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Index Scan with Filter Predicate Based on a Subquery

Most execution plans can be interpreted by following few basic rules (in TOP, Chapter 6, I provide such a list of rules). Nevertheless, there are some special cases. One of them is when an index scan, in addition to the access predicate, has a filter predicate applying a subquery.

The following execution plan, taken from Enterprise Manager 11.2, is an example (click on the image to increase its size):
Execution Plan
Notes:

  • According to the order column the first operation being executed is the scan of the I2 index. Unfortunately this is wrong. In fact the first operation being executed is the scan of the I1 index. This is a bug in Enterprise Manager. I wanted to show you this example to demonstrate that not only for us it might be difficult to correctly interpret an execution plan ;-)
  • The filter predicate IS NOT NULL is also wrong. This is not a bug, however. It is a limitation in the current implementation. The problem is that in some cases the V$SQL_PLAN and V$SQL_PLAN_STATISTICS_ALL views are not able to show all the necessary details.

Without seeing the query on which this execution plan is based, it is not obvious at all to know what’s going on. So, here is the query:

SELECT *
FROM t1
WHERE n1 = 8
AND n2 IN (SELECT t2.n1 FROM t2, t3 WHERE t2.id = t3.id AND t3.n1 = 8) 

Based on the query it is essential to point out that the access predicate "T2"."N1"=:B1 cannot be evaluated and, therefore, the scan of the I2 index cannot be carried out, without having a value passed through the B1 bind variable. In other words, without knowing the value of T1.N2.

To describe how this execution plan is carried out, let’s have a look to the information provided by the DBMS_XPLAN.DISPLAY function (which does not expose the limitation related to the filter predicate).

-----------------------------------------------
| Id  | Operation                      | Name |
-----------------------------------------------
|   0 | SELECT STATEMENT               |      |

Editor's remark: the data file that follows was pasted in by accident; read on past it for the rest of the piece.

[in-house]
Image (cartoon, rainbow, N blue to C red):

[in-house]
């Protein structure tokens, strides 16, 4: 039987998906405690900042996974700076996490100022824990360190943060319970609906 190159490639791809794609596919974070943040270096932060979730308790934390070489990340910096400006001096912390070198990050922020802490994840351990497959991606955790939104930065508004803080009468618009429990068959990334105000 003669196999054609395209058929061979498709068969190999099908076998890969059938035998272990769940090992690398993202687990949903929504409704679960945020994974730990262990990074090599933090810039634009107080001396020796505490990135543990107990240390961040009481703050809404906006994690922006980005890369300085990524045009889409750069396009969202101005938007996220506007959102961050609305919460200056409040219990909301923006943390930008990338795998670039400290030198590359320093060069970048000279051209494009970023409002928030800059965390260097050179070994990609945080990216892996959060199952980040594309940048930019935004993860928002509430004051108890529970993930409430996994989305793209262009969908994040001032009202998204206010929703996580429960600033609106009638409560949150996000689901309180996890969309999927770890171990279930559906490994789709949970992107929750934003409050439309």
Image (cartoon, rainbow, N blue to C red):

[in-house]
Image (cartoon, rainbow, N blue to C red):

|   1 |  TABLE ACCESS BY INDEX ROWID   | T1   |
|*  2 |   INDEX RANGE SCAN             | I1   |
|   3 |    NESTED LOOPS                |      |
|   4 |     TABLE ACCESS BY INDEX ROWID| T2   |
|*  5 |      INDEX RANGE SCAN          | I2   |
|*  6 |     TABLE ACCESS BY INDEX ROWID| T3   |
|*  7 |      INDEX RANGE SCAN          | I3   |
-----------------------------------------------

Predicate Information (identified by operation id):
---------------------------------------------------
2 - access("N1"=8)
    filter( EXISTS (SELECT /*+ LEADING ("T2" "T3") USE_NL ("T3") INDEX
           ("T3" "I3") INDEX_RS_ASC ("T2" "I2") */ 0 FROM "T3" "T3","T2" "T2" WHERE
           "T2"."N1"=:B1 AND "T3"."N1"=8 AND "T2"."ID"="T3"."ID"))
5 - access("T2"."N1"=:B1)
6 - filter("T2"."ID"="T3"."ID")
7 - access("T3"."N1"=8)

The operations are carried out as follows:

  1. Operation 2 applies the access predicate "N1"=8 by scanning the I1 index.
  2. For each key returned by the previous scan, the subquery is executed once. Note that the subquery carries out a nested loop. While the outer loop accesses the T2 table, the inner loop accesses the T3 table.
  3. The first operation of the outer loop is operation 5. It applies the access predicate "T2"."N1"=:B1 by scanning the I2 index. Based on the rowid returned by the index access the T2 table is accessed (operation 4).
  4. For each row returned by the outer loop, the inner loop is executed once. The first operation of the inner loop is operation 7. It applies the access predicate "T3"."N1"=8 by scanning the I3 index. Based on the rowid returned by the index access the T3 table is accessed (operation 6) and the filter predicate "T2"."ID"="T3"."ID" (the join condition) is applied. By the way, it is interesting to notice that, contrary to the join condition is not applied as an access predicate, as it usually happens.
  5. If the subquery returns a row, the rowid returned by operation 2 can be used to access the T1 table (operation 1). The row extracted from this operation is sent to the caller.

All in all, this is a very special execution plan…

In summary, be careful when you see an index scan with a filter predicate applying a subquery. The execution plan might not be carried out as you expect at first sight. It is also essential to point out that in such a case the predicate information is essential to fully understand what’s going on.